How APIs enable e-government

Paying parking tickets on the web is convenient, but API-fication is the real trigger of an e-government platform

parking ticket

Pre-digital-era French parking ticket

Credit: Frédéric Bisson (CC BY-SA 2.0)

A few weeks ago, as a director of Tech In France, I was invited to a fireside chat with the French "State CIO" (the French acronym is DISINC) Henri Verdier. Pushing aside from the usual controversies on the neutrality of Internet, open season on GAFAs and Safe Harbor/Privacy Shield, an interesting topic that Verdier discussed is the APIfication of public service in France.

Digitalization, with or without simplification?

Like many other developed (and less-developed) countries, France has undertaken a digitalization of its citizen services. And indeed, in the past few years, French citizens have been able to do more and more online: from tax filing to voter's registration, from fine payment to social housing application, just to name a few. But doing more online also requires creating accounts with a myriad of state and local agencies, scanning and uploading gigabytes of documents and eligibility proofs. In its first incarnation, digitalization certainly saved on queuing and postage, but did little to really simplify life.

I suspect many countries are in a similar situation. When I enter the U.S. now I interact with a machine instead of (or, more often, before) talking to a charming CBP agent. And the City of San Francisco has a rather efficient parking ticket payment system -- but there stops my personal exposure to online U.S. services.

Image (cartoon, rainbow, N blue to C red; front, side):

Recently, I came upon a plan by the United States Patent and Trademark Office (USPTO) to release its APIs for patent data into the wild. Clearly an interesting move, that can only foster open innovation and new applications of gigantic corpus of ideas and technologies -- assuming this release is done right, with the proper data structure and tools to use these APIs. Like most open data initiatives, whether mandated in some countries or the result of belief in the freedom of information, providing unfiltered access to data that essentially belongs to the public domain is a major step toward a more open and digitalized society.

APIs as a platform for services

The approach described by French CIO Verdier is actually going one step further. His agency just released the first French API portal: API.gouv.fr, a portal of APIs offered to government agencies but also private enterprises to embed government services. Combined with a digital identity platform (dubbed France Connect, a kind of SSO for citizens) the admitted goal is to platformize the State, offering citizens composite digital services, regardless of which agency offers the actual service. Now we are talking simplification!

An example Verdier provided that I found very interesting is the following. In certain cities, you can apply for a parking permit that gives you a discount on meter rates. Usually, to get this permit you need to prove you pay taxes in the city, and the (old) way to do this was to provide a copy of your tax filings -- with a bunch of confidential information such as your salary, family situation, etc. With France Connect and the "API Particulier" from the portal, your city hall clerk can confirm you are indeed paying taxes. Even better, the city's online parking permit application site can do it.

Estonian e-Residency

Launched in 2015, Estonia's e-Residency program was then highlighted as the first-of-its-kind government platform, built entirely online, Complete with digital signatures and authentication, the program enables e-residents to digitally sign documents and contracts, encrypt and transmit documents securely, establish an Estonian company online, declare taxes online, etc. A year later, with 10,000 e-residents, the program remains an interesting option to establish a business in the European Union.

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